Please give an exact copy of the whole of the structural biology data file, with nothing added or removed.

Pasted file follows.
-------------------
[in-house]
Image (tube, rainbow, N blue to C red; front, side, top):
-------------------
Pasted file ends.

[in-house]
Image (tube, rainbow, N blue to C red; front, side, top):